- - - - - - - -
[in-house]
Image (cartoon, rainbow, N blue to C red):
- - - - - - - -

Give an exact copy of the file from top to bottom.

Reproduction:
[in-house]
Image (cartoon, rainbow, N blue to C red):